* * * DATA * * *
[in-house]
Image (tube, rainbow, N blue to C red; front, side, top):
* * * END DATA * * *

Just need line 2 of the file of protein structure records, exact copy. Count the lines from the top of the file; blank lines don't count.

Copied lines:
Image (tube, rainbow, N blue to C red; front, side, top):